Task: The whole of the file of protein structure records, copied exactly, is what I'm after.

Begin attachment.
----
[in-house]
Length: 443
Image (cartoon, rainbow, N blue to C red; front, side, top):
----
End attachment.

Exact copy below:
[in-house]
Length: 443
Image (cartoon, rainbow, N blue to C red; front, side, top):